There’s an interesting article over at eBay strategies, which talks about how eBay lost the market for classifieds and mentions that Amazon is taking out the top end. (If you work at Trade Me then you should have eBay Strategies in your RSS reader)
I’ve mentioned it here before, and it bears repeating: Trade Me is different.
Trade Me has captured the Motors market, is well ahead of the incumbent in Property traffic and just behind the incumbent in Jobs. They are also in flats ( and have been for years) and rental property.
Meanwhile Trade Me’s free listings and simple localization meant that they have always been in the local classifieds game – things like sofas and so forth that require a face to face transaction.
The overall effect was a business that left no space for the well executed Zillion and Finda to get traction.
So well done Trade Me, but the threat will always be there – screw up and someone will take big chunks of the business. This will happen, for example, if Trade Me attempts to increase fees too much or if usability is lost in a host of features. If so then Craigslist, Gumtree or say Zillion will be right there to pick up the volume.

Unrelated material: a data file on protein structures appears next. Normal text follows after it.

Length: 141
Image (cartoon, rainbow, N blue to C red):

Sadly for the competitive threat Trade Me is still following the path to usability, and while I’d like to see lower fees in tough times they are probably at the right level for now.
It’s the same at the top end for eBay with higher quality product sellers moving across to Amazon.
Indeed while a substantial percentage (say 40%) of Trade Me’s listings are new, there does remain a bit of a gap in the market for direct selling of quality new products. It’s the one Ferrit was so hapless at finding, and I’ve mentioned how you can take advantage before. The gap is pretty tiny, but between New Zealand and Australia (where eBay is also screwing up) there is plenty of scope.
I’m saddened at just how eBay have managed to lose the plot, but respect Trade Me and how they are still showing the way after 10 years.